Some Crucial Health Facts related to Sanitation and Water.
100, 000 children die of diarrhea every year because of poor and inadequate sanitary conditions and lack of clean water in Indonesia. The incidence of typhoid fever is 300 per 100, 000 population. Lack of clean water are deadly factors responsible for child mortality in Indonesia. Between the age of 5-14, only 12% of the children wash their hands with soap after defecating and 14% before eating. The worms in children is a common sight in Indonesia, the hook worms and the roundworms are the most common, its prevalence among the under 5 children is 70% (Utomo, Kuncoroyekti, Yuliarsa, Siregar, Tirta, Balifokus), (2007).
Following are some of the important Determinants for sustaining achievements and progress as far as sanitation and water conditions are concerned in Indonesia:
Determinant Sanitation Drinking water
Policy and institutions █████ 5 █████ 5Sufficient financing ████ 4 █████ 5Human resources ████ 4 ████ 4Regulation █████ 5 ████ 4Water quality ████ 4 ████ 4Water resources ████ 4 ████ 4Aging infrastructure ████ 4 ████ 4Environmental quality ███ 3 █████ 5Internal conflict or fragility ████ 4 ████ 4Climate change ███ 3 ████ 41 means low impact and 5 means high impact (Indonesia country profile), (2012). Education is another important social determinant of health which influences the behavior of people as far as sanitation and hygiene practices are concerned. World Bank Project: The world bank from the duration of ten years to 2010 helped and assisted the Indonesia communities to execute the capacity in planning, management and improvement in the water programs, sanitation and community health services. It also aimed at reduction in the water borne diseases, hygiene and health behavior. the intervention also had provisions for safe disposal of the waste and had provisions for clean water supply. The challenge for the world bank was to develop the infrastructure, specially the water infrastructure and also substantially improve the sanitation services in Indonesia because it would contribute to US$4. 5 billion towards overall economic growth because Indonesia lost US$6. 3 million because of poor sanitation, premature deaths, water resource and fishery losses. The key challenge was to improve the health status, quality of life and productivity of the poor population in the under developed rural villages. Another challenge was to conduct and undertake crucial reforms, improve governance in order to implement and execute the sector programs.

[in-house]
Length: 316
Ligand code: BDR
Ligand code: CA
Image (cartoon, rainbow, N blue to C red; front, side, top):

The bank project worked in collaboration with schools, various communities and health centers to bring about improvement in the hygiene and health behavior. It also worked with community management of health services to bring about reduction in the water borne diseases. Diarrhea, skin diseases and worms in children was a special focus of the component. It also worked with the non- governmental organizations (NGO’S), the local communities to manage and execute contracts with the local firms, thus the local communities were then able to run their own sanitation and clean water facilities with provisions of block grants and technical assistance to make sure that these facilities were managed in a sustainable manner and were adequately supplied in response to the demands expressed by the communities. Most importantly, hygiene and sanitation programs were promoted through education and various materials of public information.